Feedback From the Job

    • Everyone likes a job well done. A teacher who is motivated by feedback will talk about student performance saying things like, "Look at how well my students are doing. Tommy is better at writing papers than he was when he arrived in my class, and everybody really seems to be understanding what we're doing." Teaching comes ready made to deliver feedback from the job. It comes in the form of test scores, homework grades, student attitudes, and parent and administrator reactions. When most or all of these are clear, so is the motivation engendered by them.
      When students are unmotivated despite a teacher's best efforts to modify instruction and reach them, the year can become long and hard. If teachers only hear negative feedback from the administration and "no news is good news," a teacher's perception of feedback from the job is uncertain and most likely negative.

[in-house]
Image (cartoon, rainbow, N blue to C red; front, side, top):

While no one can completely control a classroom's motivation to learn or make students study, parents and administration can strive to give teachers at least as much positive feedback as negative feedback. People who work with children are advised to give three positive comments for every negative one. This goal works with school employees as well. Be honest, but upbeat, and teachers will remain motivated by feedback from their job.

    Conclusion

    • When all these characteristics have been met, the teaching climate should be quite comfortable and teachers should be very motivated and should be experiencing the meaningfulness of their work, feeling responsibility for what they do, and knowing the results of their work as well. All this will result in satisfied teachers and better educated students.

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  • Photo Credit teacher & students image by Luisafer from Fotolia.com